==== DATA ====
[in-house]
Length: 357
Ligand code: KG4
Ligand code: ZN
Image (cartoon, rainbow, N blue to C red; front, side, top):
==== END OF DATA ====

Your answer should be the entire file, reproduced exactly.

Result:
[in-house]
Length: 357
Ligand code: KG4
Ligand code: ZN
Image (cartoon, rainbow, N blue to C red; front, side, top):